In response to the 32-seed vs. 16-seed question sent to you last week, my initial impulse was to agree with the questioner (that 32 seeds has produced fewer interesting early-round matches). However, on further reflection, it seems to me that it has actually produced more upsets than the old system (particularly in the women's draw). Over the past few years, barring the occasional first-round upset, the danger zone for the top players has been in rounds two through four. Could it be that the middle-tier tennis players benefit more from getting extra match play than do the top players (who usually have more lopsided early-round wins)? As an example, a rusty Alize Cornet loses to a rusty Serena Williams in round one, but an Alize Cornet with two good matches behind her has a better chance of knocking out a Serena Williams who still hasn't been tested by round three. Wild theory? Surely statistical analysis can be done on the subject.
-- Croydon F., Chicago
• I hear that. Not bad. And, as always, we gripe at the "meh" matches in the first week, but they’re long forgotten by Week 2. I just ask this: should the No. 32 player really be protected and ensured of not having to face a higher opponent for the first two rounds?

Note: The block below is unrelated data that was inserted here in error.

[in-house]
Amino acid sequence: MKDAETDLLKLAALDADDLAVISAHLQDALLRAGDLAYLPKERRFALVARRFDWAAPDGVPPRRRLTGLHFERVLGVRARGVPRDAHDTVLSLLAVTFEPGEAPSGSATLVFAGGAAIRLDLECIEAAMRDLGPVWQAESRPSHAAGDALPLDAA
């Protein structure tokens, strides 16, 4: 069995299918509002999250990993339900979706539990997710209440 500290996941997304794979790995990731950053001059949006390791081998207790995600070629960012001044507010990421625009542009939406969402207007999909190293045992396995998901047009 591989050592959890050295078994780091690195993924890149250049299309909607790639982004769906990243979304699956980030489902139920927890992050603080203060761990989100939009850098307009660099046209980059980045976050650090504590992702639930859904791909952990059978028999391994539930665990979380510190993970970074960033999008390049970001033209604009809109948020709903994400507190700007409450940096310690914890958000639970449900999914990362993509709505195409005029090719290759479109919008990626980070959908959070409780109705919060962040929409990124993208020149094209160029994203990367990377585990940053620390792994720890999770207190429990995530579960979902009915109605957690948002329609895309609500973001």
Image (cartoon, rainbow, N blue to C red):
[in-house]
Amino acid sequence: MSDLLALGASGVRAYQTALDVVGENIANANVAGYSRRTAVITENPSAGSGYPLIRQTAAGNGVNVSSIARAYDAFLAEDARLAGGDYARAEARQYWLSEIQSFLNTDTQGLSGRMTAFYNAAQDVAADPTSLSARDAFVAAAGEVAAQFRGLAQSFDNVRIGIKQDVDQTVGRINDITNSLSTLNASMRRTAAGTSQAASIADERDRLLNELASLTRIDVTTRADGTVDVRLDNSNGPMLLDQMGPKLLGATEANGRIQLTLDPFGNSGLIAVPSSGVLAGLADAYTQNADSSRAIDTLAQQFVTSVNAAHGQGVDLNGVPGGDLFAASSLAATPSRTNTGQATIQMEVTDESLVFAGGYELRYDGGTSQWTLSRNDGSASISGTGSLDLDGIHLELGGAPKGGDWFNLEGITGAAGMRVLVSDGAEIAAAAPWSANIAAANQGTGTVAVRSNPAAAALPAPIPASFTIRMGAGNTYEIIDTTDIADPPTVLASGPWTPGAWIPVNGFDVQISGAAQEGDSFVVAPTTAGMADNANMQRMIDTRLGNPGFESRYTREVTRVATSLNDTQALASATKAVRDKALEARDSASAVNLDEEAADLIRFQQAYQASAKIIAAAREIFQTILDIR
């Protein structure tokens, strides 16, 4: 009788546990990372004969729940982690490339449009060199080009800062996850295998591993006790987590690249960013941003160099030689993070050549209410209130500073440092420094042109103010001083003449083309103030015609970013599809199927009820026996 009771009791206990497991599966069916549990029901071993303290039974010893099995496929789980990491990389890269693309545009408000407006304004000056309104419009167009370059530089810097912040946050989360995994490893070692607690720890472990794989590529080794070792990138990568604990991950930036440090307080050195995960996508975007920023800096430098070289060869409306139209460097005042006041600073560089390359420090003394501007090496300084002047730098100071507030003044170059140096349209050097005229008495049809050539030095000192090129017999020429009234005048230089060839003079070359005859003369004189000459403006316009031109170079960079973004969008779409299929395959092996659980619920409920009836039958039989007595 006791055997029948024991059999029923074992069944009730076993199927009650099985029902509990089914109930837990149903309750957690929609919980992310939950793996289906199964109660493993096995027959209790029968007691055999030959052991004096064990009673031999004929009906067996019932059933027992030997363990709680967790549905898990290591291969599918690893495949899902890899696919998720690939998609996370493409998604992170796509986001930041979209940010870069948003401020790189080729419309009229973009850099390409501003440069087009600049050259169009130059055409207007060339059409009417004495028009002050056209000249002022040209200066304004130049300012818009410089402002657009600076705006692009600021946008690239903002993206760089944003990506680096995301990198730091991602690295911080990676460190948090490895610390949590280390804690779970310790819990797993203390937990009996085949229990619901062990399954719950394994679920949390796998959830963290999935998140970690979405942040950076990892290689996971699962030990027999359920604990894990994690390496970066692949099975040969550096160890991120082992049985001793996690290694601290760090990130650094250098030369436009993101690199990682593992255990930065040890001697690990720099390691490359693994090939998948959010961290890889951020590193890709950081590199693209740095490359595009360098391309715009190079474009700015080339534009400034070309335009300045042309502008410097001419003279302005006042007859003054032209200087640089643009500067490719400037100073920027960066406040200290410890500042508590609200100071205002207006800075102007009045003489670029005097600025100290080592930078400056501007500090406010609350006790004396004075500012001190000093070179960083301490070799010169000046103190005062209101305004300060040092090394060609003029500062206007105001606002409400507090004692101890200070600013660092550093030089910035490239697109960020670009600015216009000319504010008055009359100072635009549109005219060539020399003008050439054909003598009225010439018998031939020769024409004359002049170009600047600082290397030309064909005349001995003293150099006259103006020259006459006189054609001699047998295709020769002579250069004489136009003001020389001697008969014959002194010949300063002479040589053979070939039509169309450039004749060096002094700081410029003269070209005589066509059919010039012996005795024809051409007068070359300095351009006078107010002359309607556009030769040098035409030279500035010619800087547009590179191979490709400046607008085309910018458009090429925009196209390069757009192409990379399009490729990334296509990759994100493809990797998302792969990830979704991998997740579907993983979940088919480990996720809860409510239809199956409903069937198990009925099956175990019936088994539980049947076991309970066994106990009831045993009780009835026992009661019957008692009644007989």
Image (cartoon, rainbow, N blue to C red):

If the roof is closed for some of a match (or all of a match) -- i.e., the Australian Open or Wimbledon -- does the match count as an indoor result or outdoor result?
-- Jeff, New York
• Interesting question. The “intended” surface governs. So when, for instance, Federer beat Andy Murray in the 2012 Wimbledon final under the roof, it counted as a grass result, not an indoor result.
Here is a hypothesis. Please tell me why it's wrong and why it would never happen: Player A is a top-five player and a Grand Slam champion. He/she loses unexpectedly in a Grand Slam, and afterward says nothing about being injured or ill. A few days pass, and someone from Player A's camp suggests that he/she was injured or ill at the time of the loss. This accomplishes a few things. It sows some doubt in the minds of rivals that the result wasn't legit, that it happened because Player A wasn't close to 100 percent. It also allows that seed to be planted without Player A actually having to do it him/herself and appearing to be a poor sport and excuse maker. This would never happen. Right?
-- Ian Katz
• No! Never! What? Never. (Well, hardly ever.)